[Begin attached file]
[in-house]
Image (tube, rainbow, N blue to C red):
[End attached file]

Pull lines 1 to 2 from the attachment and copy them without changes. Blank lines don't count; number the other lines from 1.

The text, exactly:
[in-house]
Image (tube, rainbow, N blue to C red):